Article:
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Home / ANALYSIS / Can district cooling make FM go green?

Can district cooling make FM go green?

by CW Staff on Oct 9, 2016


A touch of green: The global green cleaning products market will be worth $51bn by 2021.
A touch of green: The global green cleaning products market will be worth $51bn by 2021.

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Engineering consultancy Aecom announced this August that it has committed its operations to reducing greenhouse gas (GHG) emissions by 20% across its global operations by 2020. Aecom said it will focus on its largest sources of emissions – fleet vehicle fuel, purchased electricity, and heating and cooling for offices – to fulfil these aims.

Clearly, sustainability is rapidly gaining traction in the Middle East’s FM sector. While it is likely that making hard services more environmentally-friendly will require increased construction collaboration to succeed, the region’s soft services sector – led by district cooling companies – is already making a mark on the Middle East’s FM sustainability landscape.

Green cleaning

The global market for sustainable cleaning products is expected to be worth $51bn by 2021, spurred by a compound annual growth rate (CAGR) of 4%. Increased construction activity and rising demand for LEED-certified facilities managers has raised the profile of sustainable cleaning products, with equipment manufacturers now tailoring their product designs to suit regional demand.

fmME Awards 2016’s Cleaning Company of the Year, Khidmah, has devised systems to introduce sustainability concepts into its operations. Partnering with Innu Service, the company introduced a ‘cradle-to-cradle’ sustainability cleaning programme over the last year. Khidmah also launched its Healthy Green School Programme in the same period, which saw the deployment of natural cleaning products to 40 schools in the Western Region.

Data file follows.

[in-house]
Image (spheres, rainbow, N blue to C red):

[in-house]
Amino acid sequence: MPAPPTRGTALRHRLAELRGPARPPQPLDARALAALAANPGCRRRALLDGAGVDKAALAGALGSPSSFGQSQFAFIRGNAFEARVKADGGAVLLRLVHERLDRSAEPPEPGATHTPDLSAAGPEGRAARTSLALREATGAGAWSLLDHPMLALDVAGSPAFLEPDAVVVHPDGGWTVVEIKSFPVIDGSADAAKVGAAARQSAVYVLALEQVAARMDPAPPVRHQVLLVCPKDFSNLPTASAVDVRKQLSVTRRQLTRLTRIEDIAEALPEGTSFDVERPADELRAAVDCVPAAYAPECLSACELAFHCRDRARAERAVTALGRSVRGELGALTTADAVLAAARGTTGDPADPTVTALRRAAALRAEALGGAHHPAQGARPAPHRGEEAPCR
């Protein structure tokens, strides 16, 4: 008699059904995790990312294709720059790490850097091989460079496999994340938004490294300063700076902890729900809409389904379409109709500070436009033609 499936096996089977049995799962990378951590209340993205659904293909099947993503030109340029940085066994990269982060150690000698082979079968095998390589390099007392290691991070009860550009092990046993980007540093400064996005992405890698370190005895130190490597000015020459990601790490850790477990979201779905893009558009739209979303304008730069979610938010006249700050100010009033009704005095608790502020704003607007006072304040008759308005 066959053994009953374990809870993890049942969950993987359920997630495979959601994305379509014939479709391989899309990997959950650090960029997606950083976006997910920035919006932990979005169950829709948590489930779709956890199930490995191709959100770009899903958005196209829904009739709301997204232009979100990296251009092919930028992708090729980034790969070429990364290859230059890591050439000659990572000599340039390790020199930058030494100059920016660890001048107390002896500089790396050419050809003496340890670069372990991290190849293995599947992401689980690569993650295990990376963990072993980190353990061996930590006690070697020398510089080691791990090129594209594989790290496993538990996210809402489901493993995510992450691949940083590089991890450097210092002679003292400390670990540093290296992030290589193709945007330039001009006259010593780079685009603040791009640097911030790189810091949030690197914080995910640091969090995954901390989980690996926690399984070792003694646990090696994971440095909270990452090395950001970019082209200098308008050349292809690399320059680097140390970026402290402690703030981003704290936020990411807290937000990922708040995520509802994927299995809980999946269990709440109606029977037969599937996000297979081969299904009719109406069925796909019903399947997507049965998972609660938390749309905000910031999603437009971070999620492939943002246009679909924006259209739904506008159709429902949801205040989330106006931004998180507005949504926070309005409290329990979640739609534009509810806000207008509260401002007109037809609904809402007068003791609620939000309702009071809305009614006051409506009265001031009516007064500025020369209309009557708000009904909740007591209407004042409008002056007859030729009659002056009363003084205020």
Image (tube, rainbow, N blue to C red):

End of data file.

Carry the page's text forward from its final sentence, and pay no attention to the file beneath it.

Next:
According to the Autism Research Institute, certain cleaning products are known to contain carcinogens. Khidmah’s choice of cleaners – made with natural soil bacteria – ensure that cleaning operations avoid such materials. At the time of its award win, Khidmah said these cleaning agents pose minimal danger as they contain no harmful chemicals.

Additionally, the FM provider was awarded for implementing two mopping systems that have aided in reducing water consumption to an average of 700 litres per cleaner every month. This is a stark achievement over previous systems, which rendered per-cleaner water use at around 1,000 litres per month in one of Khidmah’s residential towers in Abu Dhabi.

The company said it also effected time savings of 60%, cutting down on movement from one building to another to change water in a mopping bucket.

Nevertheless, such forward-looking cleaning operations will have to be supported by building management teams. Adrienne Doolan, CEO at Green Touches Cleaning Services, said the market is currently witnessing “a growing trend towards green cleaning solutions with hospitality and residential sectors showing the strongest demand”.

In a statement released by Middle East Cleaning Technology Week (MECTW) last month, Doolan added: “However, the commercial sector has still to adapt to greener practices and needs to put the health of the consumer before profit.

“The market is being further pushed by UAE’s sustainability goals under Vision 2021; this change will force the commercial sector to adopt green solutions. Some trends to watch out for in the green cleaning sphere include high-performance machinery and adopting of HEPA standards, a move towards more efficient cleaning machines, steam cleaning, and the adoption of quality microfibre cloths and mops,” Doolan added.

Representatives from the organiser team of MECTW said green cleaning products account for 3% of the $150bn global market at present.

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